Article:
Joel Rafael Band, |
Songs of Woody Guthrie
(And Tales Worth Telling),
Today, Woody Guthrie's stature as an essential American songwriter appears assured and unchallengeable. That didn't seem so certain not all that long ago. To many critics and musicians, if they thought of him at all, Guthrie was merely an artifact of a folk revival best forgotten but for its formative influences on Bob Dylan and rockers of the 1960s generation. Or, worse, a sort of freak from a peculiar and unlamented era when Guthrie and his leftwing -- well, Popular Front -- well, not to put too fine a point on it, Communist -- associates deluded themselves into swallowing, then actively propagating, the grotesque fiction that Stalin's blood-soaked police state was indeed, as the rancid cliche had it, the workers' paradise.
The first consequential biography, Joe Klein's Woody Guthrie: A Life (1980), blew the thick dust of sentimentality off its subject, known to hagiophiles as "Woody," portraying a man of immense, if often undisciplined, gifts and a sometimes likable but always egocentric, reckless, self-mythologizing human being, both childlike and childish. It was a riveting story but an unpretty picture. (The second important biography, Ed Cray's Ramblin' Man, published last year, only ratifies this verdict, which the factual record renders largely inescapable.) Such assessments need to be footnoted with the hardly irrelevant information that, all the while, Guthrie was suffering from a potentially fatal undiagnosed illness -- Huntington's chorea -- which hideously and relentlessly was ravaging his brain.
Messy life details aside, Dylan's unwavering insistence on Guthrie as a seminal American figure and carrier of a powerful musical tradition forced even cynics -- or, depending upon your point of view, idiots -- finally to retrench. In their revised assessment, Dylan's judgment had been more than a simple youthful crush, and perhaps Guthrie was, after all, all that. In both his rocker and acoustic folk-singer personas, Bruce Springsteen has stood in as a kind of idealized Guthrie, the left-of-center patriot whose clear eyes take in the yin and yang of America, the glory and tragedy of a grand national experiment that inspires one moment, infuriates the next. Springsteen's 1995 CD The Ghost of Tom Joad, the last two words of the title a nod to the ballad Guthrie wrote after reading John Steinbeck's Grapes of Wrath, re-explored -- albeit in a markedly gloomier voice -- the Western landscape in which Guthrie set his most lasting songs.
Billy Bragg and Wilco's two Mermaid Avenue recordings (Elektra, 1998 and 2000) put unpublished Guthrie words to new melodies and modern arrangements. James Talley's Woody Guthrie & Songs of My Oklahoma Home (Cimarron, 1999), which drew on the Guthrie canon ("I Ain't Got No Home," "Pastures of Plenty," "Grand Coulee Dam," et al), so lovingly reimagined them that the songs took on heretofore unplumbed depths of meaning. I doubt that anyone will ever sing a profounder "This Land is Your Land."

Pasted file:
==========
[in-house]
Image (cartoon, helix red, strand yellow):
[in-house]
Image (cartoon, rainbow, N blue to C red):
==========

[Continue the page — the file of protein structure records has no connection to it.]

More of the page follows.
The Joel Rafael Band's second Guthrie tribute -- I confess I haven't heard the first -- may not be in the big leagues with the above-mentioned players. It is, however, eminently satisfying, and happily focused on Guthrie the extraordinary musical artist as opposed to Woody the impish-and-lovable legend. Rafael, otherwise a folk-based singer-songwriter (a vocation Guthrie virtually invented), sensibly seeks out mostly little-known pieces you are unlikely to have encountered elsewhere. These are all first-rate songs. Possessed of a warm and rich voice, Rafael delivers them in a charmingly straightforward manner, joined by harmonies from the likes of Arlo Guthrie, Jennifer Warnes, Jackson Browne, Van Dyke Parks and others and placed within easy-going string-band arrangements.
"Way Over Yonder in the Minor Key," which Rafael borrows from the first Mermaid Avenue disc (the melody courtesy Billy Bragg), yields the disconcerting sensation of sounding more like a Dylan song (circa 1964, the Another Side period) than a Guthrie song, as if the trajectory of inspiration had been reversed. On the other hand, Rafael's one fully original composition (lyrics as well as music), "Sierra Blanca Massacre," could pass as a neglected Guthrie classic. He wraps his own tuneful melodies around the Guthrie lyrics "Ramblin' Reckless Hobo," "Dance Around My Atom Fire," "Love Thyself" and "Your Sandal String" (which concerns John the Baptist and gives new meaning to the phrase "talking head").
Whatever composer credits assert to the contrary, Guthrie did not write "Rangers Command," "Stepstone" and "This Train is Bound for Glory," though the last provided him with a title for the famous novel often mistaken for an autobiography. If more familiar than the rest of the fare -- in part because Guthrie so often sang them -- they are the sorts of sturdy traditionals whose welcome could never wear out.